I started working on a friend’s campaign for commissioner in an adjacent district and began to learn more about public policy and the way we can use it for transformative ends, not just talking about, like, sidewalk widths, and like, whether or not we would have fireworks on the Fourth of July, but like, thinking about how we can decrease the prison population, and how do we get fair wage jobs that are indexed to the productivity of the institutions employees are working for? Like, how do we make that happen here? And saying that, while it’s not a conversation we’re currently having in local politics, it’s what we have to have if we really want to make change. We can’t wait around for, you know, the federal government to pass down some piece of legislation that’s going to magically fix everything.

So in working in his campaign I came to see that, yeah, we can do something about this. And I decided at the last minute, like, pretty much the week before the qualifying deadline for my race to jump in. Because you know, in my district it had previously been represented by the same guy for 25 years who always ran uncontested, who, you know, wouldn’t respond to the pleas of the community for, you know, something to happen. Crime rates are so high. High school dropout rates are astronomical. They’re facing a lot of difficulty and have seen a lot of stagnation. And again, a gentleman who some claimed to be his handpicked successor was running unopposed. And when I think about justice for a community that’s been left behind for a long time, to me it looks like them getting to have an option finally, for democracy truly playing out for them.

So whether or not at the time I felt fully qualified to hold this office I knew that people needed a choice, and it seemed to me my civic duty to give them that choice. So those are the things that motivated me to run for office.

BEN NORTON: Yeah, and let’s talk more about some of these particular issues that you’re working on locally. On your platform, you have a lot of issues here. You said that you want to fight for fair, free, sustainable public transportation. Also affordable housing criminal justice reform, including marijuana decriminalization, and also bail reform. A $15 minimum wage. The expansion of education. And then also fighting against poverty and discrimination. Can you talk about the, these important issues, and ways you think that, you know, you can fight these at a local level?

MARIAH PARKER: Yeah. Well, all these things are tied to, you know, it all comes back down to racial and economic justice, which have been really historically linked and have been dictated by public policy. All the wealth that’s created is created through public policy, if you look back in history, and the way that the federal government has supported certain folks to get access to capital, to become entrepreneurs, or become homeowners, or have barred people from doing such.

So thinking about, OK, so what do we do here locally to help right these historical wrongs, starting with getting people good jobs? I think that a lot of the things in my platform talking about development programs, job skills training programs, affordable housing, fair and free public transportation, they’re important, but they’re honestly bandaids for a larger issue of people having the economic freedom to not have to get nickeled and dimed every time they take the bus, to not have to worry if they’re going to need to move out of the community, the families that lived here for generations, because their property taxes are rising, to not have to worry about whether or not their kids can go to a good school. I think that if we level the playing field and help get historically oppressed people just better working conditions, better pay, and honestly the ability for them to collectively organize and likely bargain with their employers, who hold all the power, I think that is a really huge step in the right direction.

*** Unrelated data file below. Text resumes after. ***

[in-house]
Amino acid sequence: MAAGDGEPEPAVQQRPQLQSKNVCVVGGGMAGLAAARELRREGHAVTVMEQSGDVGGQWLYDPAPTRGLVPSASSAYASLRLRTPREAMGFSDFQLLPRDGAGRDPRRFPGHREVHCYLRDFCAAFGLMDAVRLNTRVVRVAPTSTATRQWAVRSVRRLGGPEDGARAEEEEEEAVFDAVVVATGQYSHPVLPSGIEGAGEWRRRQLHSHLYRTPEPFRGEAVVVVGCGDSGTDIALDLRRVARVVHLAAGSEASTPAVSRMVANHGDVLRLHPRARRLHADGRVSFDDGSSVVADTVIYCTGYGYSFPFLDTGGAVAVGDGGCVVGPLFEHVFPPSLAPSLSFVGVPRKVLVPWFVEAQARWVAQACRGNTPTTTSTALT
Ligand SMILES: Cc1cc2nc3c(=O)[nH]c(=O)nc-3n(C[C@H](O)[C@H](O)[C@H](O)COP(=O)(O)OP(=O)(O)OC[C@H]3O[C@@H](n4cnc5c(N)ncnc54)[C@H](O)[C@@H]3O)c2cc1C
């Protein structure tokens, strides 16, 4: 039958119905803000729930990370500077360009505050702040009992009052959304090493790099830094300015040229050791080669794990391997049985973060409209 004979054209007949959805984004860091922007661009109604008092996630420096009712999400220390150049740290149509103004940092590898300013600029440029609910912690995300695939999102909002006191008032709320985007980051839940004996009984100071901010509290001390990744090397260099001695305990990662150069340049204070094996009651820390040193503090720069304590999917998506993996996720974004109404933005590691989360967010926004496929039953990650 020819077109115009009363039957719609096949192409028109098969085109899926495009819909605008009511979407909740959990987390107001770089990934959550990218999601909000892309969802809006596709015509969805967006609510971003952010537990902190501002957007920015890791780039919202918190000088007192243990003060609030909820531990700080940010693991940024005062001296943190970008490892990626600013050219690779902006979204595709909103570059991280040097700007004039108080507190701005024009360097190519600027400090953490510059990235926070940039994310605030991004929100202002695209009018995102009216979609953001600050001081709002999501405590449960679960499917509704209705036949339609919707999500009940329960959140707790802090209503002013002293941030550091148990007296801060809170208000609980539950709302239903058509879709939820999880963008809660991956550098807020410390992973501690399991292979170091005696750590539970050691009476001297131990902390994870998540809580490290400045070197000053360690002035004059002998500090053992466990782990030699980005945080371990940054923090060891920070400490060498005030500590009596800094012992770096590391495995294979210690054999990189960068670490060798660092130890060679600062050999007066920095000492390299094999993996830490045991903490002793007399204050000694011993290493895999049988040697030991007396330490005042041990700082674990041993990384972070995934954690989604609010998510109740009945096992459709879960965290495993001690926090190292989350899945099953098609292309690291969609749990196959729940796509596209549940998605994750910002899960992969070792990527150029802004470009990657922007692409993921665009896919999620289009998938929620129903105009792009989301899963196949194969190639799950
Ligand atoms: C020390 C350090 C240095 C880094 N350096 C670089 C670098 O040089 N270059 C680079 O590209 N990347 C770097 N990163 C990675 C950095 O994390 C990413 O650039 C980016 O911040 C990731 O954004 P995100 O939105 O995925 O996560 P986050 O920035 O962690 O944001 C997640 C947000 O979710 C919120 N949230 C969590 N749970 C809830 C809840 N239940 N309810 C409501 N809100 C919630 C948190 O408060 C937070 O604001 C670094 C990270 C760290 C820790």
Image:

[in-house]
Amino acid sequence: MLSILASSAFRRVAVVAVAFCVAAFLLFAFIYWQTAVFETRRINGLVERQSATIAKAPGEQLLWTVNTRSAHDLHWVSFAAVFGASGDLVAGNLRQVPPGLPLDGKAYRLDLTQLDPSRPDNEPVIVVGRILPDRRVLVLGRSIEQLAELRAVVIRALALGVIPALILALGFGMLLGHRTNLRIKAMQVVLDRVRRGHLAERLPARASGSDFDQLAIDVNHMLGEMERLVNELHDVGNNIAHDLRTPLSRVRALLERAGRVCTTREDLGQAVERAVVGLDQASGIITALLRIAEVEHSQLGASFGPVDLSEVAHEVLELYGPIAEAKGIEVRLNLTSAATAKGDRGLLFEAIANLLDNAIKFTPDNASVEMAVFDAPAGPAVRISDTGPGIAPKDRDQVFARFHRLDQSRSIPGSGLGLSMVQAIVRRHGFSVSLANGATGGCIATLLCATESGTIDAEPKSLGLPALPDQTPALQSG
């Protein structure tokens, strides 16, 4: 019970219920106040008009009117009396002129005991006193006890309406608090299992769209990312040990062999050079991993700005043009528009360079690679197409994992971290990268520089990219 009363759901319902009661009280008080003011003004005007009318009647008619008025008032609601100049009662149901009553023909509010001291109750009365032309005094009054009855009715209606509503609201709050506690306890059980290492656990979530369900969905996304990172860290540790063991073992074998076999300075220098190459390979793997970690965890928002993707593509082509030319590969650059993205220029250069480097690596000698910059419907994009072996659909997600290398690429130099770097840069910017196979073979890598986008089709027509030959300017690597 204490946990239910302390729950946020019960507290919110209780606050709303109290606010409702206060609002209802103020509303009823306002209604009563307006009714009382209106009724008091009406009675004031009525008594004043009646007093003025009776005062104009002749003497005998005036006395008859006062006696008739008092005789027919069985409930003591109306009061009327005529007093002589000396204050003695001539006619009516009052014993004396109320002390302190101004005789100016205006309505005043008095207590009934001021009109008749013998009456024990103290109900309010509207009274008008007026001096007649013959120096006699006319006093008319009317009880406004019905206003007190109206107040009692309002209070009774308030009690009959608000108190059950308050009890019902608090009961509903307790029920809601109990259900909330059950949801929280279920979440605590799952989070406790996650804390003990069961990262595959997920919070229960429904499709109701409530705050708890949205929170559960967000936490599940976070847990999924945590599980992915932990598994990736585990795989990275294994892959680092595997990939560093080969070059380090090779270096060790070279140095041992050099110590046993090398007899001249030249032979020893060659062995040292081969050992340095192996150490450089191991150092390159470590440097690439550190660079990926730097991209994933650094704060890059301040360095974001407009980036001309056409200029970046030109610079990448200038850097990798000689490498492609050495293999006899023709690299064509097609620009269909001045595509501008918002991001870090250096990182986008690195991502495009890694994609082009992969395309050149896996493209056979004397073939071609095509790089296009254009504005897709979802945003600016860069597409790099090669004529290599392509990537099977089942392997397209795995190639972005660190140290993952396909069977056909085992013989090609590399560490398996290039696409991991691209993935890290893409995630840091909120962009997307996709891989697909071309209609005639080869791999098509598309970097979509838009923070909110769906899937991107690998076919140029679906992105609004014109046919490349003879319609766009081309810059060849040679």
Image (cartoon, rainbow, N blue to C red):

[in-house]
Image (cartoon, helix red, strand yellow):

And so thinking about how do we get the minimum wage up, how do we attract businesses in this community that are willing to pay that amount, how do we incentivize businesses that currently exist to step up and truly provide for the people who are keeping their doors, keeping those business doors open, those are things that we can work on here at the local level. As well as looking at, you know, when we are talking about affordable transportation, right now the poorest people, the captive riders who, like, you know, don’t have any choice take the bus. They’re paying, they’re paying, like, $20 a week just to get around. And that’s going to really hinder your ability to, you know, show up at the parent teacher conference, to decide you want to take that job across town. And so I look forward to working on that issue, on affordable housing to ensure that people aren’t feeling pressure to move out because of gentrification due to rising property taxes, or other sorts of pressures from developers coming in and giving them what seems a nice little package for them to move out of town. Really they’re going to flip a house for, you know, twice or three times what they would pay for it.

I’m thinking about the way that we can help use economic development locally to keep people out of getting into the criminal justice system. So in my district we have people who, you know, they’re just selling dime bags to get by. They stole a TV because their kids are hungry. These are economic issues. These are not criminal issues. And so thinking about how we can make sure people get jobs so that we don’t have to be spending all of this money to keep them in prison. So doing job skills training programs and youth development programs so that people can be meaningfully connected with their communities, and grow up into adults who, you know, one, have access to good jobs so that they don’t have to go out and, like, peddle dope or rob people in order to provide for their families.